City officials said Saturday they were in the early stages of investigating the pandemonium that unfolded Friday evening at Astroworld, a sold-out, two-day event in NRG Park with an estimated 50,000 people in attendance. One attendee said that as a timer clicked down to the start of Scott's performance, the crowd pushed forward.
"As soon as he jumped out on the stage, it was like an energy took over and everything went haywire," concertgoer Niaara Goods said. "All of a sudden, your ribs are being crushed. You have someone's arm in your neck. You're trying to breathe, but you can't."
Goods said she was so desperate to get out that she bit a man on the shoulder to get him to move.
The dead ranged in age from 14 to 27, and 13 people were still hospitalized Saturday, Mayor Sylvester Turner said. He called the disaster "a tragedy on many different levels" and said it was too early to draw conclusions about what went wrong. Dozens were injured.
MORE: Victims identified in Astroworld Festival disaster
"It may well be that this tragedy is the result of unpredictable events, of circumstances coming together that couldn't possibly have been avoided," said Judge Lina Hidalgo, Harris County's top elected official. "But until we determine that, I will ask the tough questions."
Authorities confirmed one of the early claims that someone was injecting people with a needle during the deadly event, though it's possible it may have been an isolated incident.
A security guard working the festival was attempting to grab or restrain someone during the melee when he felt a prick on his neck before he lost consciousness, according to Houston Police Chief Troy Finner.
"When he was examined, he went unconscious," Finner said during a Saturday afternoon briefing. "[Medical staff] administered Narcan. He was revived, and the medical staff did notice a prick that was similar to a prick that you would get if someone was trying to inject."
WATCH: Officials hold presser on Astroworld Festival disaster
Investigators were still searching for the security guard involved.
Finner's comments came as he and other officials cautioned against the rampant speculation about the disaster's cause.
"A lot of narratives are out there right now on social media," Finner said. "I think that all of us need to be respectful of the families and make sure we follow the facts and the evidence."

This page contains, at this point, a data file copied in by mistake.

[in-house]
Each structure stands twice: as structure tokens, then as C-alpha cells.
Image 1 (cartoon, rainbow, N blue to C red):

Experts who have studied deaths caused by crowd surges say they are often a result of density -- too many people packed into a small space. The crowd is often running either away from a perceived threat or toward something they want, such as a performer, before hitting a barrier.
MORE: What is a crowd surge? Crushing deaths at events like Astroworld have long history
G. Keith Still, a visiting professor of crowd science at the United Kingdom's University of Suffolk, has testified as an expert witness in court cases involving crowds. He said he usually does not look at eyewitness reports in the early stages of analyzing an incident because emotions can cloud the picture, and witnesses can see only what's immediately around them.
Based on fire codes, the venue could have held 200,000 people, but city officials limited the attendance to 50,000, Houston Fire Chief Samuel Peña said.
"It was the crowd control at the point of the stage that was the issue, especially as the crowd began to surge toward the stage," Peña said.
The deaths called to mind a 1979 concert by The Who where 11 people died as thousands of fans tried to get into Cincinnati's Riverfront Coliseum. Other past crowd catastrophes include the deaths of 97 people in an overcrowded Hillsborough Stadium in 1989 in Sheffield, England, and numerous disasters connected with the annual hajj in Saudi Arabia.
People in the Houston crowd reported lots of pushing and shoving during the performances leading up to Scott's set.
Then when Scott took the stage, the crowd seemed to rush to the front, trying to get closer to the stage, said Nick Johnson, a high school senior from the Houston suburb of Friendswood who was at the concert.